The demise of magic
For centuries, magicians have guarded their secrets from the rest of us on the principle that, once we know how the trick is done, it loses its entertainment value. They were right, of course, and as we gain an understanding of those little mysteries, we lose our sense of wonder and the pleasure of being mystified by the cleverness of it all.
In those innocent days of the thirties and forties, we listened to Edgar Bergen and Charley McCarthy on the radio and were enchanted with the idea that a wooden puppet could seem to talk. We were impressed by Bergen’s ability to throw his voice without moving his lips and make us believe it was Charlie actually doing the talking.
That was radio. Not television. We couldn’t see Charlie seeming to sass and tease Edgar. We couldn’t see Edgar not moving his lips. But we believed. We tuned in faithfully every week. We laughed at the corny jokes, not because they were so funny, but because a wooden puppet seemed to be the one speaking. How very clever Edgar Bergen was to be able to do that. We were the clever ones, since we were seeing all this in our own imaginations. The radio supplied the words, the rest was up to us. Some of us had a glimpse or two of Bergen and Charley, and even Mortimer Snerd, in a movie now and then, but that only helped us imagine what they looked like, we still believed in the magic.
It never occurred to us that there could be camera tricks or outright cheating involved. After all, the radio had no pictures, all that was really needed was Edgar Bergen talking in different voices. He didn’t have to throw his voice when he was speaking into a microphone; he didn’t even need to have Charley and Mortimer actually on the premises. Their voices were his voice. The whole thing could be done at home in his living room with a tape recorder, couldn’t it?
We listened to “Sky King” after school and imagined him aloft in his little airplane, bravely battling high winds or a fire in the engine, when it was all sound effects and our imagination. We listened to “I Love A Mystery” after supper. A sound like a creaking door and a mysterious thump had us trembling with fright as Jack, Doc and Reggie entered a deserted mansion on the trail of an elusive criminal. Guys sitting at a desk, reading from a script while a sound-effects man swished BB’s around on a metal tray and shook a box containing a few pieces of broken glass. We saw a raging storm and a sinister, shadowy figure breaking into a darkened window.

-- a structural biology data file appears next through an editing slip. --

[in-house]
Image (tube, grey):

Downtown at the theater, our imagination had plenty of help from Hollywood. We didn’t have to imagine Superman flying above the buildings of Metropolis. Clever editing and camera tricks showed him swooping among the skyscrapers, bursting through brick walls, stopping runaway trains in their tracks. When Clark Kent went into that phone booth, we knew who was going to come out. And we couldn’t believe that Lois Lane didn’t figure out, a whole lot sooner, who he really was.
We had to reassure out little sister that the bad guys didn’t really shoot the dancing girl in that Western musical. And as we reassured her, we tried to talk ourselves into believing the story was real. Deep down, we weren’t convinced. We knew it was acting, We knew those people weren’t all alone out there in Death Valley– after all, this was a movie, there were cameramen, directors, make-up and wardrobe assistants. They had plenty of food and water, cooling showers– probably even air conditioning. They wouldn’t die of thirst.
By the time everybody had color television in the family room, we found it hard to believe just about anything we saw on television. Even the news and sports were suspect. The camera, after all, was manned by a human being. Humans make choices, judgments, have prejudices, preferences, tired feet, headaches and distractions. As viewers began to understand how easily backgrounds, scenery, etc. can be manipulated with technology, it is no wonder that attempts to telecast magic shows didn’t survive. Those guys in editing know more magic tricks than Sigfried and Roy ever dreamed about. And now, with the software available to everybody who has a home computer, we can’t even trust those snapshots Uncle Dave took at the family reunion last summer. We know Aunt Harriet is plumper that that, he must have taken forty pounds off her with that photo editing program of his. I’m sure she’s pleased at how she looks in that picture of her in those shorts, but– really. And why didn’t he touch up the gray in my hair, while he was at it?